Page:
Show them you can Gallop

Posted by in Blog, canter to gallop, the mechanics of galloping, train your horse, transitions on May 14, 2011

After a clear round in a working hunter class all riders know they have to do an individual show. Ask them how many paces they need to show and they’ll tell you four. They’re right. Ask most judges how many they see. They’ll tell you three.

The one that’s missing is gallop. It’s hardly surprising is it? When did you ever get taught how to gallop?

Gallop is more than a fast canter. It’s a pace. A pace isn’t a speed. It’s a different pattern of legs. All paces are different. They have different beats to them. Canter has three beats. Gallop has four.

Gallop is different to all other paces because the hind feet both touch the ground before the front feet (i.e. Right Hind, LH, Right Fore, LF). To be able to do this your horse has to be off his shoulder and right back on his hocks.

Your horse’s balance is crucial. If he isn’t on his hocks he can’t gallop. It’s that simple. Any weight over his shoulder will mean he can’t reach under his body with his hind legs. If he can’t do that he’ll put a front leg down with a hind leg to balance himself. That’s canter.

The key to a good show gallop is the transition. You don’t have much room and you can’t build up to it. It’s essential your horse learns to go forward instantly from your aids. It’s the same as any other transition.

Try this –

The first thing you have to do is teach your horse he’s allowed to go forwards. Horses spend much of their time being told to slow down. They live a fairly restrained life. It can be hard to break the habit. When you finally ask them to gallop it can take a while for them to believe you. It also takes time to remind them how their legs should work!

You can introduce your new aids in the school. Canter large and on the short sides use your thigh and knee to slow your horse down. (See The Other Way of Stopping). As you come onto the long side straighten up, relax your knee and lift your seat out of the saddle. Now use both heels to tell your horse to go on. His reaction to your leg must be instant. Expect him to jump off your leg. If he doesn’t back it up with your whip. It’s vital he understands – knee off + lighter seat + leg = go forward.

At no point in this exercise should you let go of your contact. Your reins contain your horse’s energy, creating power not just speed. Without power he can’t accelerate. Drop your contact and he’ll drop his shoulders. If his weight is on his shoulders he’ll find it impossible to get going.

When you ask him to come back to you at the end sit into the saddle and use your knee to slow him. Don’t be too hard with your hand. This will make him tighten his back and you’ll loose the flow of your canter.

You should be able to show a big difference between these two speeds but it still won’t be gallop. To do that you need to get out in a field. You need space.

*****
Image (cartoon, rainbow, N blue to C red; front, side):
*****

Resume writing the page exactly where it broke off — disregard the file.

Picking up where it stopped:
The bigger the field the better to start with. If there’s a slight incline even better. A hill will help your horse engage his hocks.

The fact you are in a field should make your horse think more forward. Ride the same exercise as you did in the school. This time from a reasonable working canter using your knee to prevent him going too fast until you ask him to gallop.

This time as you turn a corner towards the hill (if you have one) you need to get up off his back, take your knee away and give him a strong nudge with both heels. As he goes forward do the same with your heels on each of the next four strides. This may seem excessive but you need him to understand you really want him to go on.

Remember the mechanics of gallop. Your horse must stay off his shoulders. Your hands are so important. They must stay up and level to keep his shoulders up and together. As you come up out of the saddle be careful not to throw yourself forward. Lighten your seat without leaning over his shoulder. Help him to stay balanced.

What should you expect from a true gallop? A gallop is flatter than a fast canter. It’s smooth. You know you’re going much faster by the things that pass you by but it doesn’t feel as frantic as a fast canter in which your horse’s legs seem to go at 100mph! At the gallop his legs will be at full stretch so they cover as much ground as possible. When you finally achieve it he’ll be giving his all yet it will feel effortless.

Take time to perfect your gallop. Give the judges what they want to see and you could find yourself at the right end of the line up. Remember, there’s more than one way to school your horse so get out in a field and have a go.

Good luck and enjoy your schooling.

Problem with your horse? Get in touch on Twitter (@pollson) or Facebook.


  1. May 20, 2011

    Well this is really helpful, I am just starting those classes which require gallop and though I have an ex racehorse, gallop isn't a controlled pace that i have asked for in the school.. Will try this in our next schooling session.

    KB Equine Therapy

  2. May 20, 2011

    Thanks Kathy, I hope it helps. You've certainly got the right horse for the job! Good luck. Lorraine

  3. Sep 23, 2011

    I miss riding! This was an excellent post. Wish I had it back when I was first learning. But great advice to have even now.

  4. Sep 23, 2011

    That's really kind of you to say. Thank you. Hopefully one day you'll get a chance to put it into practice! Thanks again for stopping by 🙂


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